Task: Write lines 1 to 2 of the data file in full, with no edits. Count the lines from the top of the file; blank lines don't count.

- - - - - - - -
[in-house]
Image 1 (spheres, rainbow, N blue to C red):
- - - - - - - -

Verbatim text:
[in-house]
Image 1 (spheres, rainbow, N blue to C red):